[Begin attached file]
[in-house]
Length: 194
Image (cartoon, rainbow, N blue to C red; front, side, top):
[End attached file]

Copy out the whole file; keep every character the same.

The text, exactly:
[in-house]
Length: 194
Image (cartoon, rainbow, N blue to C red; front, side, top):